Write stuff you’ll actually care about remembering. I absolutely love reading back through my journals and reading about funny things my brother did, or how excited I was that a certain boy talked to me, or who I was spending time with. I also love reading about spiritual experiences I had, because sometimes I can trace parts of my testimony back to those experiences, even though I had forgotten what happened. I also like reading crazy stories that I retell, so I can make sure I am telling it how it really happened (you know how stories  tend to change over time . . . that’s why my brother has, apparently, gotten at least 20 feet of air while tubing). Then, some things are just tedious to read about. In high school I would say “so today was pretty good, I did some homework, but I’m really tired, bleh” or something. Did I really need to write that down? Try to look at yourself in the future and wonder, what would I want to know about today? What am I likely to forget if I don’t write it down?

George Washington's diary entry about when the U.S. Constitution was signed.
George Washington’s diary entry about when the U.S. Constitution was signed.

Be as honest as you possibly can. It’s one thing to sugarcoat, edit, and alter what we say to other people. You know, we automatically respond “good” when anyone asks how we are. We often end a conversation about something difficult in our life with “but it’s okay, everything’s going to work out fine” even if we aren’t so sure, and it’s not okay. If we want to keep this up for the sake of social acceptability, fine. But it has no place in a journal. If you’re trying to really get how you feel out on a paper, don’t act as if you’re talking to a girl you sit next to in class or someone you’re on a date with. This is just you and your own brain. Like I said, I don’t plan on letting anyone read my journals, ever.

Anne Frank may have been just like me, and didn't want anyone to read her diary. But what if she had never written it?!
Anne Frank may have been just like me, and didn’t want anyone to read her diary. But what if she had never written it?!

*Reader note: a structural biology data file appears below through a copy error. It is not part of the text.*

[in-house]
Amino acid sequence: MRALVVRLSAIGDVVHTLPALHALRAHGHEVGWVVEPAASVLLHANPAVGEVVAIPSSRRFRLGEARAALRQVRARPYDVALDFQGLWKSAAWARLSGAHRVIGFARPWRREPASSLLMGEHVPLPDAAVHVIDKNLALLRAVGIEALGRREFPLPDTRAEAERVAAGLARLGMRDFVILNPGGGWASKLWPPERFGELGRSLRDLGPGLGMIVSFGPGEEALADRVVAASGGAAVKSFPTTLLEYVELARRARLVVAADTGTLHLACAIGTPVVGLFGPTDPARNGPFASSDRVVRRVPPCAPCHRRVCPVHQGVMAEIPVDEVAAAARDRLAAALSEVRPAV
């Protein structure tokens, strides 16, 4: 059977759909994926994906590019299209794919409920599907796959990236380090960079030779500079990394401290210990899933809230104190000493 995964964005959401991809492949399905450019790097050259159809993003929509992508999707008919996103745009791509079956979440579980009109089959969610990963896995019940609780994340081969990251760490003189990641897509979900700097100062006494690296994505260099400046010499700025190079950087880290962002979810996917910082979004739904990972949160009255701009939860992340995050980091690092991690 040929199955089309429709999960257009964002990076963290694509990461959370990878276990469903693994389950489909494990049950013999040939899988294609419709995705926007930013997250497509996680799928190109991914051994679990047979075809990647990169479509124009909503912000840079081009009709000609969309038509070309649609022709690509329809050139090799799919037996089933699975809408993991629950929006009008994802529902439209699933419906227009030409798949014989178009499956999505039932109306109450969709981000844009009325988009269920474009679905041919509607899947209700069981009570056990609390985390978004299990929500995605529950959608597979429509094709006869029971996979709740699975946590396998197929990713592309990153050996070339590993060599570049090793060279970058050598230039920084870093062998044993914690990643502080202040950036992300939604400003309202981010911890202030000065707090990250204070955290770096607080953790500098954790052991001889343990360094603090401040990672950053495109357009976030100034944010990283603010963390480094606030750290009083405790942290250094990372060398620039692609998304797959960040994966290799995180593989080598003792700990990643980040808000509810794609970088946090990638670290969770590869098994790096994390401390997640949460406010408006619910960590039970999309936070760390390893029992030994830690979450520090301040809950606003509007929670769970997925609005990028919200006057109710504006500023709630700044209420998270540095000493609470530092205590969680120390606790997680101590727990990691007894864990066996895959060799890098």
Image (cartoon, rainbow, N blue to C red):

Consider doing more than just writing. Once a friend of mine told me how she liked to use sketchbooks or journals with unlined paper, because she felt that the lines restricted her. I’ve thought about that ever since. I love using paper that isn’t lined because sometimes you want to write bigger for emphasis, write small enough that no one can read over your shoulder, or illustrate what you’re feeling by drawing. I’ve never considered myself an artist–my drawing skills are, well, we don’t even have to talk about it. But sometimes I draw some sort of diagram or just really big words to express what’s happening. I love journaling that way.

anthro - prospero journal 1

I hope that you all go out and buy a beautiful journal, write eloquently about the important details of your lives, and reap the benefits of doing so. Just kidding. I know that my saying all this stuff probably won’t convince you. Now you just know what you’re missing out on if you don’t write in your journal!


One thought on “Journaling Tips

  1. Dear Aubrey,
    Penni returned from a two-day trip to a reading conference. We had dinner–she brought two pieces of fried chicken and a big scone from Chic’s Cafe in Midway. That’s where the conference was held. I fixed a few things to go with the chicken and we ate dinner. After I loaded the dishes in the dishwasher, Penni called me in to see all the books she had bought. They were beautiful, with one fantastic illustrator. I sat reading one of the books, and I fell asleep, so I know what you are talking about in your e-mail. The desire for sleep is a powerful feeling to battle. It’s also pretty elusive sometimes. Wouldn’t it be nice if we could just turn it on or off, as we saw fit? On the other hand, maybe we aren’t wise enough to use that kind of power. We’d better let well enough alone.

    Liked by 1 person